Matt Dull: It's an exciting process. It's a hands-on process with a variety of staff at Appalachian. To do this, our project manager, who's over in our Design and Construction Office, Ted LeJeune, he's meeting with a variety of these different stakeholders to review these initial plans. He's meeting with our res-life staff, our maintenance staff, housekeeping, our support services staff, electrical, HVAC, plumbing — all of the different people that may eventually touch this building, and may eventually have to maintain or operate the building.
Dave Blanks: Not a unilateral operation.
Matt Dull: No, it's not like one person or like —
Dave Blanks: Matt, here, we'll do it this way.
Matt Dull: — me sitting up there with a big red pen and saying what —
Dave Blanks: It's not, Matt?
Matt Dull: It's not. We've got a huge team of folks that look at these plans, at multiple parts of the planning process. We're now in the early stages. Ted's actually doing 11 different meetings with stakeholders this week and next week to help, basically, make sure all these stakeholders and anyone that needs to have a say in the building's design to review the plans and make recommendations on the design back to our architects and their consultants.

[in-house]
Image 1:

Matt Dull: It is process where we have a lot of people involved early in the process and then throughout the design process to make sure that the university gets the product that we really need, and the product that we can actually operate and maintain for the life of the building.
Dave Blanks: That's great, getting everybody at the table there at the start of it, so you don't have somebody having to deal with a problem later and they're like, "Well, my voice wasn't heard."
Matt Dull: Yeah, absolutely. That's really important, beacause it's important to do that early. We need to make sure that not only from a budget perspective, but making sure that we can operate the building successfully for the life of the buildings. That's really important.
Matt Dull: The university's going to be operating these buildings and managing these buildings every day. We need to make sure that we have the program or the facilities in these buildings that can best support operating and maintaining the buildings for the life of the building.
Dave Blanks: Anything else, Matt?
Matt Dull: I think that's most of the updates for this week. Just, again, doing a lot of site work on the building, 100 and 200. Get it ready to begin construction and framing of the actual building. Continuing to erect the parking deck with all of these prefabricated panels. Then really starting our planning for phase two, with planning what building 300 is going to look like.
Dave Blanks: Fantastic. Well, Matt Dull, thank you so much for your time, as always. We will see you next week for another Campus Construction Update.
Matt Dull: Absolutely. Thanks, Dave.